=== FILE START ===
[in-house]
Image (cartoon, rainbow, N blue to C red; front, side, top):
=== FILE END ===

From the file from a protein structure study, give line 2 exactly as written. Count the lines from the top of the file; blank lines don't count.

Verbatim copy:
Image (cartoon, rainbow, N blue to C red; front, side, top):